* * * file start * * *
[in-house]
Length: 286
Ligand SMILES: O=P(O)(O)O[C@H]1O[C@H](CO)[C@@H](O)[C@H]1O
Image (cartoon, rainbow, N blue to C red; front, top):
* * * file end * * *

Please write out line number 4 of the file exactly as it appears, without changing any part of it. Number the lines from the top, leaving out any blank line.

Image (cartoon, rainbow, N blue to C red; front, top):